> 
> diff --git a/drivers/video/Kconfig b/drivers/video/Kconfig
> index 9bbb285..f9be4c2 100644
> --- a/drivers/video/Kconfig
> +++ b/drivers/video/Kconfig
> @@ -2069,6 +2069,21 @@ config XEN_FBDEV_FRONTEND
>  	  frame buffer driver.  It communicates with a back-end
>  	  in another domain.
>  
> +config FB_VIRTIO
> +	tristate "Virtio virtual frame buffer support"
> +	depends on FB && VIRTIO
> +	select FB_SYS_FILLRECT
> +	select FB_SYS_COPYAREA
> +	select FB_SYS_IMAGEBLIT
> +	select FB_SYS_FOPS
> +	select FB_DEFERRED_IO
> +	help
> +	  This driver implements a driver for a Virtio based
> +	  frame buffer device.  It communicates to something that
> +	  can talk Virtio too, most probably a hypervisor.
> +
> +	  If unsure, say N.
> +


Most of virtio is marked experimental. Maybe this should be as well.


>  config FB_METRONOME
>  	tristate "E-Ink Metronome/8track controller support"
>  	depends on FB
> diff --git a/drivers/video/Makefile b/drivers/video/Makefile
> index 80232e1..40802c8 100644
> --- a/drivers/video/Makefile
> +++ b/drivers/video/Makefile
> @@ -125,6 +125,7 @@ obj-$(CONFIG_FB_XILINX)           += xilinxfb.o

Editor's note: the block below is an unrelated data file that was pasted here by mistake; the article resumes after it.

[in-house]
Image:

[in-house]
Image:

>  obj-$(CONFIG_FB_SH_MOBILE_LCDC)	  += sh_mobile_lcdcfb.o
>  obj-$(CONFIG_FB_OMAP)             += omap/
>  obj-$(CONFIG_XEN_FBDEV_FRONTEND)  += xen-fbfront.o
> +obj-$(CONFIG_FB_VIRTIO)           += virtio-fb.o
>  obj-$(CONFIG_FB_CARMINE)          += carminefb.o
>  obj-$(CONFIG_FB_MB862XX)	  += mb862xx/
>  obj-$(CONFIG_FB_MSM)              += msm/
> diff --git a/drivers/video/virtio-fb.c b/drivers/video/virtio-fb.c
> new file mode 100644
> index 0000000..2a73950
> --- /dev/null
> +++ b/drivers/video/virtio-fb.c
> @@ -0,0 +1,799 @@
> +/*
> + * VirtIO PV frame buffer device
> + *
> + * Copyright (C) 2009 Alexander Graf <agraf@suse.de>

Out of curiosity, are copyrights your own, or suse/novell's?
> + *
> + *  Based on linux/drivers/video/virtio-fbfront.c

Where is that? Maybe carry attribution from there as well.
There's also a lot of simularity with xen-fbfront.c
Is it accidental?

> + *
> + *  This file is subject to the terms and conditions of the GNU General Public
> + *  License. See the file COPYING in the main directory of this archive for
> + *  more details.
> + */
> +
> +#include <linux/console.h>
> +#include <linux/kernel.h>
> +#include <linux/errno.h>
> +#include <linux/fb.h>
> +#include <linux/module.h>
> +#include <linux/vmalloc.h>
> +#include <linux/mm.h>
> +#include <linux/virtio.h>
> +#include <linux/virtio_ids.h>
> +#include <linux/virtio_config.h>
> +#include <linux/uaccess.h>
> +#include <linux/slab.h>
> +#include <linux/interrupt.h>

is interrupt.h needed? virito mostly
abstracts this for you.

> +
> +#define MAX_BUF			128
> +
> +struct virtio_fb_info {
> +	struct fb_info		*fb_info;
> +	unsigned char		*fb;
> +	char			*inbuf;
> +
> +	u16			width;
> +	u16			height;
> +
> +	int			nr_pages;
> +	int			size;
> +
> +	struct kmem_cache	*cmd_cache;
> +	struct virtqueue	*vq_in;
> +	struct virtqueue	*vq_out;
> +	struct virtio_device	*vdev;
> +
> +	void			*last_buf[MAX_BUF];
> +	int			last_buf_idx;
> +	spinlock_t		vfree_lock;